When Netscape originally Open Sourced their software, they did so by allowing people to see the code and change it, but not to use it commercially against them. This was the original definition of Open Source. It is only since then have people decided that Open Source has no limits. I am a supporter of the Original definition. It was only in the months after this original usage of Open Source was it decided my many people that commercial exploitation should not be able to be limited.

    The importance of being able to Open Source hardware with non-commercial limits is probably more important than with software. With software the economic losses for having IP used is generally limited to the time that the programmers have put in.

    With Open Source hardware, the developers occasionally wish to exploit the designs in order to offer them to a community. In this case they make a commitment to producing a design at a significant commercial risk. The cost of these designs can exceed $500 per unit, with hundreds of units to be produced. The risk that this imposes on those producing the device, particularly if it is on a cost basis is significant. Being able to place limitations on the commercial exploitation allows the risk to be managed.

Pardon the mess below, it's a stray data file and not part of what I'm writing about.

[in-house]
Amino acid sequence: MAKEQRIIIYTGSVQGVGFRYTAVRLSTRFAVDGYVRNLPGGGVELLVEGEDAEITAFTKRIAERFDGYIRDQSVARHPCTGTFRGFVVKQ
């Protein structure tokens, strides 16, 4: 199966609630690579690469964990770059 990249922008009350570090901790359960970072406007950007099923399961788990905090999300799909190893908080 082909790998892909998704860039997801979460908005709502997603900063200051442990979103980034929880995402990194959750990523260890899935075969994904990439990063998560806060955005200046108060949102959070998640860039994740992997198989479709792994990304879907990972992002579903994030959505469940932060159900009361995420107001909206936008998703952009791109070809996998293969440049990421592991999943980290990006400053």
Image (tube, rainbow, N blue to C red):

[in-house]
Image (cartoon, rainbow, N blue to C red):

Whilst TAPR has the OHL (Open Hardware License) and the NCL (Non-Commercial Hardware License), the organization has decided that the NCL has not been as beneficial as hoped and recommends that the OHL is used instead. Having said that, I am a firm believer in the NCL, which has all the aspects of the Open Hardware License with the exception that it is non-commercial.

    Darryl Smith, BE, VK2TDS
    Sydney, Australia

  9. Great article Lenore! I’m working on a piece about open hardware right now and this helps get me thinking.

    Do you have a few open hardware licenses that you generally recommend for people getting started with open hardware?

  10. I have made mistakes when picking licenses.

    I’m not a pro in intellectual property law but I’ve made a hobby of it, reading as much as I can. And still, it’s hard. There are dozens of Open Source licenses, and dozens more permissive licenses that are not Open Source approved. Some OS licenses have more in common with the non-OS permissive licenses than with each other. Until recently there were a lot of words written but not much plain language to help outsiders differentiate. (Even now, when researching licenses you’re equally likely to hit a flame war as a knowledgeable legal evaluation.)

    So it’s hard to pick a license, especially one that does everything you want. And for some projects you can’t pick just one. Copyright law applies to code, but a different set of IP laws apply to hardware. So you often need to pick two, and they’re never exactly the same in terms of permission.

    Also I like to experiment.

    So I’ve made mistakes when picking licenses. I’ve said things were Open Source when they werent.